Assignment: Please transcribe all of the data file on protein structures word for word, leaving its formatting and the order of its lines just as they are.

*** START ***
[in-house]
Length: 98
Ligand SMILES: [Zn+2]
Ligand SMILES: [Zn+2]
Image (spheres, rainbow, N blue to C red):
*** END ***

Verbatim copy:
[in-house]
Length: 98
Ligand SMILES: [Zn+2]
Ligand SMILES: [Zn+2]
Image (spheres, rainbow, N blue to C red):